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Last Updated: Saturday, 10 May, 2003, 07:17 GMT 08:17 UK
Ant history revealed
By Dr David Whitehouse
BBC News Online science editor

Army ants, these days dispersed across the world, all came from a single source over 100 million years ago on the ancient supercontinent of Gondwana.

Ant, Cornell University
Army ants have been around for over 100 million years

A new study indicates the insects all share identical genetic markers that reveal a common ancestor.

Many scientists believed that army ants originated separately on several continents relatively recently in Earth history.

But the new research means that army ants join animals such as sharks and crocodiles that have remained relatively unchanged for many tens of millions of years.

No picnic

Army ants are unlike the ants found at family picnics. They are in general nomadic, foraging for prey without advance scouting, and their wingless queens can produce up to four million eggs in a month.

Because army ants are found almost everywhere, scientists postulated that they evolved many times after the break-up and dispersal of the supercontinent Gondwana just over 100 million years ago.

The conventional view of the evolution of army ants needs a revision because of new data obtained by Sean Brady, a Cornell University, US, entomologist who has discovered that these ants evolved from a common ancestor.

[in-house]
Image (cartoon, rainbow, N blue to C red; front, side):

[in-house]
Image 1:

"Biologists have wondered why army ants, whose queens can't fly or get caught up by the wind, are so similar all around the world," he says.

The answer is that "army ants have evolved only once and that was in the mid-Cretaceous period".

Genetic family tree

Brady studied the DNA of 30 army ant species and 20 possible ancestors within the ant community, looking specifically for genetic clues to their relationships.

"Essentially, I built a genetic family tree. Then I took that family tree and looked at its genetic tree rings to postulate what happened in the past," he says.

Combining the genetic data with fossil information, Brady found that all the species share the same genetic mutations.

"If they share those mutations, we can infer they evolved from the same source," Brady says.

His research is published in the Proceedings of the National Academy of Science (PNAS) journal.

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